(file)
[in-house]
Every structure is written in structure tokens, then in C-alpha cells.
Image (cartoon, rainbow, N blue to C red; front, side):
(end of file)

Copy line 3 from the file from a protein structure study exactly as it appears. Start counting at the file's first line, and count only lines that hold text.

Image (cartoon, rainbow, N blue to C red; front, side):